Who does not love marshmallows? My kids are huge fans for sure. Homemade artisanal marshmallows are now seen in gourmet stores everywhere, and they can often be rather pricy. Classic flavors like chocolate, vanilla and strawberry are often available, but more adventurous ones like malted milk, caramel, toasted coconut, lavender, Kahlua, Irish Cream, and Espresso are popping up as well. The options are truly endless.
A basic marshmallow recipe can be easily adapted to create almost any flavor your heart desires. When homemade, there are numerous options for size and shape which makes this a fun and easy cooking project with kids. My eleven-year-old helped me with these recently. His love of sugar is so strong, it’s rather remarkable he was able to patiently waited the full 8 hour setting time before enjoying them.
Considered a “sugary-confection” marshmallows first appeared in the United States around the early 1900’s. But why such a silly sounding name? The word “mallow” originated from the mallow plant, “march” from the marchy/damp areas the plant typically grows in, thus the name “marshmallow“. Originally made from the root of a plant, the modern version we all know and love consists of corn syrup, sugar and gelatin, whipped together into a spongy consistency. Marshmallows are not health food, sadly there are no hidden health benefits to share, they are simply, a fun delicious treat for all ages.
The recipe below is adapted from Ina Garten. It is a classic, easy-to-follow recipe that is almost full-proof. Ina’s original recipe is for vanilla marshmallows, but I have adapted it by adding cocoa powder at my son’s request. Try these delicious chocolate marshmallows for s’more making, add to kid-friendly or adult-only hot chocolate, or get creative, by dipping them in melted chocolate and sprinkle them with pistachio nuts. Whatever you decide, I think you (and your kids) will enjoy.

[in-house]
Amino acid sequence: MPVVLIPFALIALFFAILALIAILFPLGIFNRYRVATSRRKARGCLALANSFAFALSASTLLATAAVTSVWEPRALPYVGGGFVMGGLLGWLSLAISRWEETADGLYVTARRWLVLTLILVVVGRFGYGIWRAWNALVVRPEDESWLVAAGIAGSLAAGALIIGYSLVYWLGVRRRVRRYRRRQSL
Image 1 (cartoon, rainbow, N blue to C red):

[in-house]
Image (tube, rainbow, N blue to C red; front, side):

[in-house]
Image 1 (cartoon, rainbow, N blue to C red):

- 1 1/2 cups granulated sugar
- 1 cup light corn syrup
- 1/4 teaspoon salt
- 1/2 cup water
- 3 envelopes unflavored gelatin
- 2 teaspoons pure vanilla extract
- 2 tablespoons cocoa powder
- Confectioners' sugar, as needed for dusting
- Step 1 Lightly oil a 9 x 9 square nonmetal baking dish. With a sieve, generously dust the dish with confectioners’ sugar and set aside.
- Step 2 Combine the sugar, corn syrup, salt and 1/2 cup water in a small saucepan and heat over medium heat until the sugar dissolves.
- Step 3 Raise the heat to high and cook until the sugar syrup reaches 240 degrees on a candy thermometer. Note, be sure to handle the syrup carefully, as sugar burns are very painful. Remove from the heat.
- Step 4 Working quickly, so your syrup does not cool and harden, combine the gelatin and 1/2 cup cold water in the bowl of an electric mixer, such as a KitchenAide, fitted with a whisk attachment.
- Step 5 With the mixer on low-speed, slowly pour the sugar syrup into the dissolved gelatin. Add the cocoa powder.
- Step 6 Put the mixer on high and whip until the mixture is very thick and fluffy, about 15 minutes.
- Step 7 Add the vanilla and mix thoroughly to incorporate.
- Step 8 Pour the marshmallow mixture into the prepared pan. The mixture will be sticky and elastic and somewhat tricky to smooth out. I suggest wetting your fingertips with water and gently pressing the mixture evenly into the pan.
- Step 9 Dust the top with more confectioners’ sugar and allow to stand uncovered for 8 hours or overnight, until it dries out.
- Step 10 Turn the marshmallow onto a cutting board. Using a long knife, cut into squares or other desired shapes. Sprinkle your knife with confectioners’ sugar in-between cuts to prevent the marshmallows from sticking.
- Step 11 When done cutting, dust all the pieces with confectioners’ sugar to prevent them from sticking together.
- Step 12 Stored between parchment paper, in an airtight container, in a dry cool place, the marshmallows should keep for about one week.